0:38:02.1 Pamela D. Wilson: Thinking about a plan for hiring paid caregivers, what you want to do is identify and interview several care agencies. But know that hiring a care agency, it’s not without effort. Somebody has to manage and oversee the caregivers. While you may be giving up visits to your elderly parents, you might be taking on added phone calls and communication. Over time though, having paid caregivers can be a significant help if you can make it through their initial training and make sure that the caregivers work well with your elderly parents. If an elderly parent balks at the idea, make it clear that having caregivers in the home is a must if your elderly parent wants to remain living at home. If not, then start that serious discussion about elderly parents moving to a care community.

0:38:48.3 Pamela D. Wilson: To begin, set up a time to have your elderly parent meet the caregiver or several caregivers. So that mom or dad feel like they have some choice in choosing that person who comes into the home. Determine a schedule that gives you enough time away to re-establish a regular routine and make time to spend with your spouse, your family, and perform some outside activities. Set regular times for phone calls to elderly parents and a visit time, so they know what to expect. Establish some supervisory time to work with that care agency. And make your visits with elderly parents pleasurable. Don’t be tempted to do the work that you hired the caregivers to do. Quality time, making memories is something that you can’t get back after your elderly parents are gone.

0:39:36.5 Pamela D. Wilson: The same goes for quality time with your family. If you’re having thoughts of caregiving is ruining by marriage or choosing between spouse and elderly parent, put those thoughts on hold. Talk to your spouse. Figure out a way to make the situation work for everybody, knowing that your marriage and your spouse is your first priority. If you’re a caregiver wondering how to get guardianship of parent, you can learn more about my new online course on my members-only website, This is Pamela D. Wilson, caregiving expert, author, and speaker. You’re with me on The Caring Generation. Stay with me. We’ll be right back.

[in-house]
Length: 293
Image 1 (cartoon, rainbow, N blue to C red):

0:40:31.1 Pamela D. Wilson: This is Pamela D. Wilson, caregiving expert, consultant, and speaker on The Caring Generation program for caregivers and aging adults. Share my website,, with everybody you know. One in four people are caregivers looking for hope, help, and support that is here every week on The Caring Generation. Choosing between spouse and elderly parent is a situation that none of us want to find ourselves in. If you are in this situation today, use these suggestions from this podcast to prioritize your marriage. Think about your situation and the long-term consequences of turning into your parents who need care. How will this affect your children—if you have children? What plans can you make today for your care when you are older? What happens if you don’t have children. Who will care for you? It’s never too early to start thinking and planning for what happens when we age. Few married couples imagine caring for elderly parents to become, so time-consuming. Even fewer imagine the thoughts of choosing between spouse and elderly parent.

0:41:32.1 Pamela D. Wilson: If you are an adult child watching your parents go through this scenario, if you’re caring for your grandparents, watch closely and learn. The quality of your health today and the actions you take to remain healthy have a long-lasting effect on the rest of your life. How many of you attend regular doctor appointments? Get the recommended vaccinations and preventative screenings? If not, why? Are you too busy to take care of you? While we all juggle parts of our life, making you a priority is just as important as not having thoughts of choosing between spouse and elderly parent. Caring for elderly parents is easy for some, and it’s more difficult for others. Next week on the show, the topic is, “I Hate Doctors: Why Caregivers Don’t Trust the Healthcare System.” And what you as a caregiver or an adult can do to get the care you want. A lack of time with patients and rushed care can result in doctors making mistakes when diagnosing patients.